They’re ordinary people:  teachers, nurses, priests, bush pilots, trappers,
fishermen, homemakers, Hudson’s Bay Company clerks,
parents and children, Ojibwa and white;
but their stories are not ordinary, and neither are their voices.

Ordinary People:  A Priest, a Teacher, a Brother, a Prospector
(Father Ouimet, Donald MacBeath, Brother Bernier, Mr. Baker)
Lansdowne House, Northern Ontario, Canada
Fall 1960
© M. Louise (MacBeath) Barbour/Fundy Blue
All Rights Reserved

They are individuals who were born in the North
or answered a call to work in the North.
Some landed there by happenstance.
But they all, natives and transplants, faced the challenge
of living in a starkly beautiful but unforgiving environment
in a part of Canada that is still isolated today.

The surprising thing for me is the reason I love writing memoir:
I discovered that I was pursuing a journey into myself.

This journey has been painful and healing.
It has allowed me to understand and to make peace with
difficult things that I experienced.
It has given me a new perspective about those events
and has deepened my belief in the courage and humanity of ordinary people.

Hudson's Bay Company Manager Bill Mitchell
with an Ojibwa Man
Lansdowne House, Northern Ontario, Canada
Fall 1960
© M. Louise (MacBeath) Barbour/Fundy Blue
All Rights Reserved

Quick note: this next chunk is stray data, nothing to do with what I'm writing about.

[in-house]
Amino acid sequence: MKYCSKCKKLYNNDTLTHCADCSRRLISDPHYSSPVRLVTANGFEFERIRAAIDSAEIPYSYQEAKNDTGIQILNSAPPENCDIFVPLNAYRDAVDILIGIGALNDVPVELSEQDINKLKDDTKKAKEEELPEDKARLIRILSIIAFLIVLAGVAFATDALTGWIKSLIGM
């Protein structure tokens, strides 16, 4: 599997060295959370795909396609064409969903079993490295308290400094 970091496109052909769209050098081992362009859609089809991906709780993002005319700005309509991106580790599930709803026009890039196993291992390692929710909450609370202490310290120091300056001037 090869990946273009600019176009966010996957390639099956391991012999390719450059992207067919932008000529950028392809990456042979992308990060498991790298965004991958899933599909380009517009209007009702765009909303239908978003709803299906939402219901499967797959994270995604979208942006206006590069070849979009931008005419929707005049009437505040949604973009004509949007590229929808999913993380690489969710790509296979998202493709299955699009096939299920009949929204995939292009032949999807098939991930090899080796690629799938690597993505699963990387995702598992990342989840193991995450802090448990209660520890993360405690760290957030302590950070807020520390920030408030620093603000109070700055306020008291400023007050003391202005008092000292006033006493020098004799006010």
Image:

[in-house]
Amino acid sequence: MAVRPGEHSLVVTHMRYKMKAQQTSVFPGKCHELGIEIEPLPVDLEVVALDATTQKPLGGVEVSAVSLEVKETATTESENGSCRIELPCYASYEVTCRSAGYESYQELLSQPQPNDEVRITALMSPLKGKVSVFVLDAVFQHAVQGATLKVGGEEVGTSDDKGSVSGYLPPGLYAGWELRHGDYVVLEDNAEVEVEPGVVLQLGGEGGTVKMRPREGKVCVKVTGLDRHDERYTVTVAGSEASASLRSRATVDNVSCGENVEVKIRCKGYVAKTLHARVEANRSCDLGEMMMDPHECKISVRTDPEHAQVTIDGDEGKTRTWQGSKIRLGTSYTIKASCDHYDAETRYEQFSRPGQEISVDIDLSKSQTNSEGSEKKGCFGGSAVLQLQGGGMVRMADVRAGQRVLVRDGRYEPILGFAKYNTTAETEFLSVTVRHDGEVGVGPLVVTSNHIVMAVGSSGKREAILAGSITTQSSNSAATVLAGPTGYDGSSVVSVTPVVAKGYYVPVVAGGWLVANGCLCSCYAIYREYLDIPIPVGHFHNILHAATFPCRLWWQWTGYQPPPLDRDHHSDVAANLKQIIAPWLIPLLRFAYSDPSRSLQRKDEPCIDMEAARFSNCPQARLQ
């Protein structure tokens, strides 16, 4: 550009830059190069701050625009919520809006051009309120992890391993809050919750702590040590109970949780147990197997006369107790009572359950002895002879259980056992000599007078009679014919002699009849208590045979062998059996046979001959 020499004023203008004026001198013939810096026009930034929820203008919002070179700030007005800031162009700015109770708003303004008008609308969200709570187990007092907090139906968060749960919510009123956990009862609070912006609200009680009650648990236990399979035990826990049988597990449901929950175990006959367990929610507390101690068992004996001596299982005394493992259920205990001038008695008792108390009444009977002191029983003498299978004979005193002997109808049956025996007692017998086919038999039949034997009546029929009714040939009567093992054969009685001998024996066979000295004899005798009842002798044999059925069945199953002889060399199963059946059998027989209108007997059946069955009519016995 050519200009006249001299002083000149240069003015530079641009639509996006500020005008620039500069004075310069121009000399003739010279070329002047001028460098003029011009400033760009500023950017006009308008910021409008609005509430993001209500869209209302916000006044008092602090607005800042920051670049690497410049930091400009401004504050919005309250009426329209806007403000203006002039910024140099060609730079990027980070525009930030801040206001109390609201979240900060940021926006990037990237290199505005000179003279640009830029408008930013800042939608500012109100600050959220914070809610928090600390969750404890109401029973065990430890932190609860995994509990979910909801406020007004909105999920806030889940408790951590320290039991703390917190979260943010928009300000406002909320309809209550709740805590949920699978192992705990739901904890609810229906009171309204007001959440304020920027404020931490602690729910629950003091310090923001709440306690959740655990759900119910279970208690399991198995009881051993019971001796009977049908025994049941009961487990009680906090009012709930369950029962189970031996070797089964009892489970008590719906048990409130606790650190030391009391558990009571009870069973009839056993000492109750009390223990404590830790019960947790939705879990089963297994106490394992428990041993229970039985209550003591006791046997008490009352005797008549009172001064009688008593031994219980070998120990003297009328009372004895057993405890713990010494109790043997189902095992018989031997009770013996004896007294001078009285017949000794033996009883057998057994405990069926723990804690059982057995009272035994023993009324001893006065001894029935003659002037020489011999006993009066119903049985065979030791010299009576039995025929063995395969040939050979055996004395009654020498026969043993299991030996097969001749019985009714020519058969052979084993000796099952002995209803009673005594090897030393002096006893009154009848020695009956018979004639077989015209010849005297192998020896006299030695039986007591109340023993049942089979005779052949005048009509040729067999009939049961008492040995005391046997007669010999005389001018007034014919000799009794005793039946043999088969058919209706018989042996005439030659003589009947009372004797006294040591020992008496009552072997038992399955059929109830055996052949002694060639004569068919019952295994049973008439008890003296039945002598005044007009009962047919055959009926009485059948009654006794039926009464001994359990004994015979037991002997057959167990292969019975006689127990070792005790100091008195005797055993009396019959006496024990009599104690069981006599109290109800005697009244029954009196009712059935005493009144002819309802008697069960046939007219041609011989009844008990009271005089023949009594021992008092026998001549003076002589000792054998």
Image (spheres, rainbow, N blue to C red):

My memoir is not so much about me,
but the process of writing it has been all about me.

I love that one of the results is understanding
more about who I am and why.

My Brother Roy and I Canoeing
Lake Attawapiskat, Northern Ontario, Canada
Spring 1961
© M. Louise (MacBeath) Barbour/Fundy Blue
All Rights Reserved

Last year I decided that one way I could support
the Insecure Writers Support Group
was to begin reading books by IWSG authors.

I set and accomplished the goal of reading five different IWSG authors.
This year my goal is to read books written by eight more.

The first book I chose this year was J. L. Campbell’s “Sold!”  
This is a perfect love story to curl up with and enjoy.  

Single mother Feechi Anoduro is worried about Christmas.
Finances are tight, and she needs to replace her old car
and to tell her young son Jack
that they cannot afford to keep Max, a dog that he adores.

While working at an auction, Feechi impresses wealthy businessman
Carsten Raimes with her professionalism and competence.
Carsten askes Feechi for her help at an upcoming auction.
It sounds like a good opportunity for Feechi,
but she is not sure that she should accept his offer.

A bad experience in Feechi’s past has left her disillusioned and reserved.
She helped her lover Dennis almost a decade ago
and wound up pregnant with Jack and alone.
Her sister Dee worries that this has left Feechi difficult and secretive
regarding men and that she has buried herself in work and in caring for Jack.

Carsten quickly realizes that Feechi would be a valuable employee
and is determined to hire her.
When offering her a permanent job does not work,
Carsten asks her out on a date.

In the days leading up to Christmas,
Carsten and Feechi mix business and pleasure,
with Carsten determined to capture Feechi’s attention
and Feechi determined to resist the charms of a man
who is clearly out of her league.

Meanwhile, Carsten has two unexpected allies,
Feechi’s son Jack and mischievous Max
who have both taken to the new man in their lives.